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I am running a Cox regression for a large (100k) dataset with 135 variables after dummy encoding.

Most of the coefficients are reasonable and the confidence intervals are not large. However, for one covariate, the confidence interval is enormous (0.1-80). For reference, the next largest upper bound is 6. I've checked the distribution of this covariate but nothing appears different from the others (i.e., no huge outliers, no strange distribution).

I decided that this information was pretty much useless and thought it might be best to simply remove this variable (especially because I think it could interfere with my results downstream too, namely that it violated the PH assumption and I'd have to add a time interaction, which I think lead to strange results because I'd be multiplying time by huge negative coefficients).

However, when I redo the analysis without this covariate, suddenly another (related) covariate is not very significant (though its coefficient is similar). My questions are:

  1. What could be causing such huge CIs in only this single covariate?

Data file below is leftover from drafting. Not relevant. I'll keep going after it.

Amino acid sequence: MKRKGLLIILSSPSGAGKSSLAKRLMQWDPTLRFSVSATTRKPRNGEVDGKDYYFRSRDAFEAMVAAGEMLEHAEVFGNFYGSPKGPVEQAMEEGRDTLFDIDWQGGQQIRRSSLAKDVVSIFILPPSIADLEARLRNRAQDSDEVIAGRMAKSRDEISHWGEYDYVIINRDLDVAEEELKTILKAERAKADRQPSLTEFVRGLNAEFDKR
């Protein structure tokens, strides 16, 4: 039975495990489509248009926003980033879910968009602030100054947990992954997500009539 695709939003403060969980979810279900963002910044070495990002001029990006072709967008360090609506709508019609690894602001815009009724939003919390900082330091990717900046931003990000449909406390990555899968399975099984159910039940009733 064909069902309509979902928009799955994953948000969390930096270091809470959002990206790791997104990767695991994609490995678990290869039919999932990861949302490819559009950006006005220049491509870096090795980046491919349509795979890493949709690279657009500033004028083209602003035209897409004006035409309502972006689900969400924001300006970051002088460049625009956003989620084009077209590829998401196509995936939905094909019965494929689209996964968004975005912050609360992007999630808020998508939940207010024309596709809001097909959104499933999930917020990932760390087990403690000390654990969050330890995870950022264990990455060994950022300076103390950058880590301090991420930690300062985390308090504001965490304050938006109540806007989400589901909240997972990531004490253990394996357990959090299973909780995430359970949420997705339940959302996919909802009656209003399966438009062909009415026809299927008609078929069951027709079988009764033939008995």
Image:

2. Is my decision to eliminate this covariate based on such a finding just?
  3. What does it mean for my interpretation that now that the troublesome covariate is removed, another covariate becomes significant?
  4. Is my idea in the brackets of the third paragraph (starting: "especially because I think...") correct?
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    $\begingroup$ Sounds like multicollinearity to me -- what is the condition number of your predictor matrix, with and without this predictor? $\endgroup$
    – jkpate
    Aug 8, 2022 at 11:26
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    $\begingroup$ Expect such things when one of your indicator variable corresponds to a low frequency group. Removing variables is not the answer. But better understand X before proceding. It's uncommon for a 135 predictor model to be interpretable without first doing some data reduction (unsupervised learning). $\endgroup$ Aug 8, 2022 at 11:27
  • $\begingroup$ @FrankHarrell my sole interest is the effect of the different levels of my treatment - why would data reduction still be required in this scenario? Surely it is better to leave all the covariates in $\endgroup$
    – JED HK
    Aug 8, 2022 at 11:33
  • $\begingroup$ @jkpate give me a little time to get this information to you $\endgroup$
    – JED HK
    Aug 8, 2022 at 11:33
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    $\begingroup$ You did not state the problem that way. If you have a single treatment variable of major interest then yes you may want to leave everything in. Still there is the possibility of overadjustment and you may want to put some restrictions on the adjustment covariates. Data reduction is often a good way to do that. $\endgroup$ Aug 8, 2022 at 12:17

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